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Tuesday, May 28, 2019
4:00 PM - 5:00 PM
Noyes 147 (J. Holmes Sturdivant Lecture Hall)

Frontiers in Chemistry and Chemical Engineering Lecture

Applying Inorganic Chemistry to Challenges in Physics
Danna Freedman, Associate Professor, Department of Chemistry, Northwestern University,

The Freedman research group's overarching theme is harnessing chemical intuition to approach fundamental challenges in physics. Within this framework, we are focused on three vital areas of contemporary physics: advancing quantum information science, probing magnetism, and creating new emergent materials. We pursue each of these directions through the lens of synthetic inorganic chemistry by asking what we can learn from the synthesis of new materials.

Results within all three areas will be presented, with a focus on creating new magnetic materials using diamond anvil cells as tiny, transparent synthetic vessels and harnessing synthetic chemistry to create and understand molecular qubits.

About the Speaker
Danna Freedman is an Associate Professor of Chemistry at Northwestern University. The Freedman laboratory’s research focuses on applying inorganic chemistry to approach challenges in physics, with specific emphasis on quantum information science, magnetic materials, and emergent phenomena. Some notable research accomplishments of the Freedman lab include the observation of millisecond coherence times in molecular qubit candidates, and creating the first iron-bismuth bond in the solid-state. Danna began her scientific career performing undergraduate research in Prof. Hongkun Park’s laboratory at Harvard University. She then moved to Prof. Jeffrey Long’s lab at UC Berkeley for her graduate studies where she studied magnetic anisotropy in single- molecule magnets. She pursued solid-state research during her postdoc in Prof. Daniel Nocera’s laboratory at MIT. There, Danna probed geometric spin frustration in kagomé lattices and quantum spin liquids. Danna started her independent position at Northwestern University in 2012.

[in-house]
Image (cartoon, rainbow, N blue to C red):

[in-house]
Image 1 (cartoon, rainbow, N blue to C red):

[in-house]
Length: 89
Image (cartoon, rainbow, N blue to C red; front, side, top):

For more information, please contact Julianne Just by phone at 626-395-2924 or by email at jjust@caltech.edu